The Complete Works of W. H. Auden: Prose, Volume IV, 1956-1962

Overview

This fourth volume of W. H. Auden's prose provides a unique picture of this legendary writer's mind and art when he was at the height of his powers, from 1956 through 1962, including the years when he was Professor of Poetry at Oxford. The volume includes his best-known and most important prose collection, The Dyer's Hand, as well as scores of essays, reviews, and lectures on subjects ranging from J. R. R. Tolkien and Martin Luther to psychedelic drugs, cooking, and Homer. Much of the material has never been ...

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Overview

This fourth volume of W. H. Auden's prose provides a unique picture of this legendary writer's mind and art when he was at the height of his powers, from 1956 through 1962, including the years when he was Professor of Poetry at Oxford. The volume includes his best-known and most important prose collection, The Dyer's Hand, as well as scores of essays, reviews, and lectures on subjects ranging from J. R. R. Tolkien and Martin Luther to psychedelic drugs, cooking, and Homer. Much of the material has never been collected in book form, and some selections, such as the witty orations Auden wrote for ceremonies at Oxford University, are almost entirely unknown.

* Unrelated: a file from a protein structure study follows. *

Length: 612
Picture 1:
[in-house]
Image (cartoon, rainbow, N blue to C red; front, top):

Edward Mendelson's introduction and comprehensive notes provide biographical and historical explanations of all obscure references. The text includes extensive corrections and revisions that Auden marked in personal copies of his work and which are printed here for the first time.

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Editorial Reviews

New York Review of Books